Hammock created and hosts
this pre-conference community for the
Society of National Association Publications.

For most associations, events are an integral part of their annual calendar. Despite the effect of the current economic situation on many events, the good news is that events provide associations a perfect opportunity to leverage the power and excitement of social media. There are so many ways an association can engage its members before, during and after an event with social media tools. Providing this type of new and exciting value to attendees is a smart way to provide additional member benefit and reverse shrinking attendee numbers for future events.
Here are five tips for associations looking to engage their members before an event through a social networking community site:

  1. Start early
    To generate momentum for your event, allow enough time. Each event is unique, but a good rule is to have the community site live as soon as the first marketing collateral is distributed. For some, that could be as much as a year before their event. You want the site up as soon as possible so that you can communicate to members in all materials the value of the site as it relates to their pre-, during and post-event activity.
  2. Be strategic
    Having a community site for attendees is the first step in providing a value-add to attendees, but you don’t have to stop there. During the event, social media tools can be used to create a conference destination point online for attended and non-attendees alike. After the event, consider a special digital edition or email newsletter to distribute to your members. For attendees, it will affirm their attendance and for non-attendees it will serve as a reminder of why they can’t miss your next event.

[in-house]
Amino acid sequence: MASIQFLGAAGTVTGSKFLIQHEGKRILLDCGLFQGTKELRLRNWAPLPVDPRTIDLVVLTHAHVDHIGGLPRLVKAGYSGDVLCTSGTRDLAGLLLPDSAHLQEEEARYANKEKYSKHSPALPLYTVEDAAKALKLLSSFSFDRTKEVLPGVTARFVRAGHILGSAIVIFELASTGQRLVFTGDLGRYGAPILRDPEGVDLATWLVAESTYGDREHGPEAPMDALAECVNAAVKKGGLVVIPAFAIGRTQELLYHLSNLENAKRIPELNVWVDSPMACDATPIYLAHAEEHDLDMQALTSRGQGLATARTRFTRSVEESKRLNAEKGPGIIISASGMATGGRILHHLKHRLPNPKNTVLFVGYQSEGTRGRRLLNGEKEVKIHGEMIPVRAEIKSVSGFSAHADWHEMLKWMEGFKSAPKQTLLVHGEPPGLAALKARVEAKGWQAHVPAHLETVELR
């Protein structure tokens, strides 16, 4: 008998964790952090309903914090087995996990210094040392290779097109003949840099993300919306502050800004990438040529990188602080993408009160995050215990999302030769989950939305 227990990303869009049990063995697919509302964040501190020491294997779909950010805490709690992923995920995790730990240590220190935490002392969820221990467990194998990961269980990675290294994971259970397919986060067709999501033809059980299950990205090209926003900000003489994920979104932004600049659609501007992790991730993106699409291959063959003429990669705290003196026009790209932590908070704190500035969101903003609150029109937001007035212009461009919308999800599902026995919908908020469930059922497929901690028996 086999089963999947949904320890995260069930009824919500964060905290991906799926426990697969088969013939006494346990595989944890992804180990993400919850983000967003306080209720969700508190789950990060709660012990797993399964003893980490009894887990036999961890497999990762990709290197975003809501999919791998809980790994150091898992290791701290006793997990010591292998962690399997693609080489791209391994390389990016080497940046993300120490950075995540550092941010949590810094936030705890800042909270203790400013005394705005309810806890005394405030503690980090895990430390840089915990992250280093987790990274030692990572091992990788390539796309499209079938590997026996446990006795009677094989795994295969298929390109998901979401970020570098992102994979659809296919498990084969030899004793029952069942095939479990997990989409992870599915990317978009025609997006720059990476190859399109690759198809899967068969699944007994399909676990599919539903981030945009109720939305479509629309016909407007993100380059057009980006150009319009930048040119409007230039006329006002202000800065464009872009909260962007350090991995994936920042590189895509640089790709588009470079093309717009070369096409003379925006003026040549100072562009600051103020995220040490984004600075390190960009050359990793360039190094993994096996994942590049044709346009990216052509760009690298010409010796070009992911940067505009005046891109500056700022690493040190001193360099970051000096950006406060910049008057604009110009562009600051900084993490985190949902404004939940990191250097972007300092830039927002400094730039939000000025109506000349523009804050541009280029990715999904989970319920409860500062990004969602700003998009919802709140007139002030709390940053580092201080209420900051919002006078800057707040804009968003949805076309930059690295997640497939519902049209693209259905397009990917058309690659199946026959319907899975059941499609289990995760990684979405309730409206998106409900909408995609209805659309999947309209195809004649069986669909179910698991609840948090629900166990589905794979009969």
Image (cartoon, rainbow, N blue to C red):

3. Promote, promote, promote!
    Do not miss an opportunity to educate your members about your event community site. Include mentions in all association communications—mailings, the website, mail newsletters and all event marketing materials. Highlight the benefits to them and how they can easily get involved.
  4. Know your limits
    The idea of creating and managing an online conference community can be daunting for many associations. You might not have the internal resource bandwidth or skill sets to execute these ideas. Don’t worry—you can outsource some or all of this work and still have a conference community that does not break your budget. The important thing is to understand when you need help and to look for it far enough in advance so that you can still meet your goals.
  5. Measure your success
    Each association will have their own specific goals for creating a conference community site. Some will be looking to increase non-dues revenue through increased attendance, for others it will be to increase member value and for others it will be a way to create an online member community, not just for the event. Plan your strategy so that it is structured to meet your goals. And once you’ve successfully launched and implemented your social networking site, don’t forget to measure your success!

Read more about Hammock’s relationship with SNAP.